Tolkien and Horses

As an undergraduate Tolkien trained with King Edward's Horse, a cavalry regiment, rather than the Officer Training Corps which many other students joined. However, that may have had nothing to do with a preference for horse riding, and been simply because he was born in Bloemfontein, South Africa: students of 'colonial' origin were automatically directed to the cavalry regiment.

In my book I wrote that Tolkien 'had a strong affinity with horses, which he loved, and became a de facto breaker-in. No sooner had he broken one horse in but it was taken away. Another would then be given to him and he had to start the process again.' I now feel I should have hedged a little. The anecdote is based on a very brief unsigned report of a conversation between members of the Tolkien Society and Michael and Priscilla Tolkien in the 1970s, published in an early issue of the society bulletin Amon Hen. There are no direct quotes, and (as I point out in my comprehensive endnotes) the report is mistaken in at least one major point - that Tolkien began his war service with King Edward's Horse. In fact he left that unit in January 1913, and began training for war service as an infantry officer two and a half years later.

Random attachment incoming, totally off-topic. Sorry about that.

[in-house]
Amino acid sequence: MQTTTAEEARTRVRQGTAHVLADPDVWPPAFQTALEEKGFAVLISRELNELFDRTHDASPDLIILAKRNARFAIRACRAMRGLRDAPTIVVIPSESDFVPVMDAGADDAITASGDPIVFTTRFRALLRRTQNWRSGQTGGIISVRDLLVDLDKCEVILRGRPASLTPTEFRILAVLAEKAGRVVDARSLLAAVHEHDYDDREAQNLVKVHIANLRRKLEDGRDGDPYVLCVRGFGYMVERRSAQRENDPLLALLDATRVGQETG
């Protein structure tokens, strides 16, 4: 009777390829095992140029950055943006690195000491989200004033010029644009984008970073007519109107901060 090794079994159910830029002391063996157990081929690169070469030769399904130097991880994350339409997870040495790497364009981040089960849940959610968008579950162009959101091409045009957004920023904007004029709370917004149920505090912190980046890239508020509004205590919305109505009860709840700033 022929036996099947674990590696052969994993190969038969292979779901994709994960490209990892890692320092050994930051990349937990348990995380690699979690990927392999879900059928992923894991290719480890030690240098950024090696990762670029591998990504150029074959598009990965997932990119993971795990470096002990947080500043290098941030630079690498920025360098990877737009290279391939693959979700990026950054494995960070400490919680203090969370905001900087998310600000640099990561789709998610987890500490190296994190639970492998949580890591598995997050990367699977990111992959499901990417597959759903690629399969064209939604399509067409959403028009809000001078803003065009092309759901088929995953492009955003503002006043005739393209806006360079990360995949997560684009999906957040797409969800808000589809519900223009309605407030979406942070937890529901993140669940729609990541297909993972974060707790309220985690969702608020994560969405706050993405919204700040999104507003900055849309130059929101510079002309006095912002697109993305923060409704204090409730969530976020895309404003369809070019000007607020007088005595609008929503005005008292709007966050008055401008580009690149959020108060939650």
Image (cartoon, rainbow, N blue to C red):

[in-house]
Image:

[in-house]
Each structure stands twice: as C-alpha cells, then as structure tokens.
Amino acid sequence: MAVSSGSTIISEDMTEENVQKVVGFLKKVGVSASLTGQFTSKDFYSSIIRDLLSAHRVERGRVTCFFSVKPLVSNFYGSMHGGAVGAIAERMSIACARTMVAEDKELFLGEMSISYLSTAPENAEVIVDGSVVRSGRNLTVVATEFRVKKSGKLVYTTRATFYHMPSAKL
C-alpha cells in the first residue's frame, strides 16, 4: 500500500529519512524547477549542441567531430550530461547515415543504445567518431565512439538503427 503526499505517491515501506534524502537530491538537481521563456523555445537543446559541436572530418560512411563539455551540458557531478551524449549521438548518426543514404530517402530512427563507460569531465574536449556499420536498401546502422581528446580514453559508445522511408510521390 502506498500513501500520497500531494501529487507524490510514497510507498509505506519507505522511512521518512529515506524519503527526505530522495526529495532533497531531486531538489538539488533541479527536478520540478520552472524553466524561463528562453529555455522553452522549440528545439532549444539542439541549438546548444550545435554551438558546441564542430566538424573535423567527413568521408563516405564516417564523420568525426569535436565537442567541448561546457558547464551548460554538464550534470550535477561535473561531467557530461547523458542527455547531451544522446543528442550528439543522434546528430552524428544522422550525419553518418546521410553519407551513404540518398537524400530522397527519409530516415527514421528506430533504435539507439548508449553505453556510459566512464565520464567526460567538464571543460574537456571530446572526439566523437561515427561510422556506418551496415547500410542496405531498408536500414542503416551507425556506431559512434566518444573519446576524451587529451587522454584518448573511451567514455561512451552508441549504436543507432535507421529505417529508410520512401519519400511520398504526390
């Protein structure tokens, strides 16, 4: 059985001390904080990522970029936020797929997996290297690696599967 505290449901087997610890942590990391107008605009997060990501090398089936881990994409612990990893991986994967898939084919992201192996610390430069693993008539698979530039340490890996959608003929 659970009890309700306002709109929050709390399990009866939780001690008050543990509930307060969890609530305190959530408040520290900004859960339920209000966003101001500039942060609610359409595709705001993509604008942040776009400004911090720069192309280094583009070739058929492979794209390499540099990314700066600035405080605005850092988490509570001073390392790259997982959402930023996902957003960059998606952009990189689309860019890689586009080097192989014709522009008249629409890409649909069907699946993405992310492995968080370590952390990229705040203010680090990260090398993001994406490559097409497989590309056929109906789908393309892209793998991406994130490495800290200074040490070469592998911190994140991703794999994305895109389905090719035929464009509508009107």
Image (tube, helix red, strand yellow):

The picture has since become even muddier, with the publication on the internet of an extended anecdote, attributed to Michael Tolkien, in which the creation of the Black Riders was credited to a wartime experience. The story goes that Tolkien was lost on horseback when he spotted a mounted cavalry group and rode towards them - only realising too late that he was behind enemy lines and the cavalrymen were German. They are then said to have given chase but been outpaced by Tolkien. It's a vivid and exciting story, with colourful details, but to my mind quite implausible. Although there were horses on the Somme, and I found independent reports showing that officers in Tolkien's battalion sometimes used them to get around on the battlefield, the likelihood of being able to pass behind enemy lines on horseback seems extremely small. It may also be worth noting that nothing similar is recounted in the Tolkien Family Album, the down-to-earth 1992 memoir by Priscilla and John Tolkien.

Part of an interview with John Garth, the author of Tolkien and the Great War ~ Harper Collins (2003)

No comments: